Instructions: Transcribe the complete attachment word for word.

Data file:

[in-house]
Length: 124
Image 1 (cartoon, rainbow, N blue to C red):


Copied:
[in-house]
Length: 124
Image 1 (cartoon, rainbow, N blue to C red):